Asia Times: The nightmare Bush dreads most
Posted by uscsjp on April 18, 2007
Public opinion polls are valuable chips to play for those engaged in a debate of national or international consequence. In the end, however, they are abstract numbers. It is popular demonstrations which give them substance, color, and – above all – wide media exposure, and make them truly meaningful. This is particularly true when such marches are peaceful and disciplined in a war-ravaged country like Iraq.
This indeed was the case with the demonstration on April 9 in
Najaf. Over a million Iraqis, holding aloft thousands of national flags, marched, chanting, “Yes, yes, Iraq/No, no, America” and “No, no, American/Leave, leave occupier.”
The demonstrators arrived from all over the country in response to a call by Muqtada al-Sadr, a radical Shi’ite cleric, to demand an end to foreign occupation on the fourth anniversary of the end of Ba’athist rule in Baghdad.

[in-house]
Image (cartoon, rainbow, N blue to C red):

Both the size of the demonstration and its composition were unprecedented. “There are people here from all different parties and sects,” Hadhim al-Araji, Muqtada’s representative in Baghdad’s Kadhimiya district, told reporters. “We are all carrying the national flag, a symbol of unity. And we are all united in calling for the withdrawal of the Americans.”
The presence of many senior Sunni clerics at the head of the march, which started from Muqtada’s mosque in Kufa, a nearby town, and the absence of any sectarian flags or images in the parade, underlined the ecumenical nature of the protest.
Crucially, the mammoth demonstration reflected the view prevalent among Iraqi lawmakers. Last autumn, 170 of them in a 275-member Parliament, signed a motion demanding to know the date of an American withdrawal. The discomfited government of Prime Minister Nuri al-Maliki played a procedural trick by referring the subject to a parliamentary committee, thereby buying time.
Opinion polls conducted since then show three-quarters of Iraqi respondents demanding the withdrawal of the Anglo-American troops within six to 12 months. (continued)